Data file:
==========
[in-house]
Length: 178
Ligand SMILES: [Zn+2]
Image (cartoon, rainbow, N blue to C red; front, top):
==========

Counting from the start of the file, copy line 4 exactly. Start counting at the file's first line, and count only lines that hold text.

Image (cartoon, rainbow, N blue to C red; front, top):